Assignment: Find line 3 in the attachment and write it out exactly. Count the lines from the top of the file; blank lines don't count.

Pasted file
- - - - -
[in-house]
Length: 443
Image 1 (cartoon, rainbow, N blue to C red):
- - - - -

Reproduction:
Image 1 (cartoon, rainbow, N blue to C red):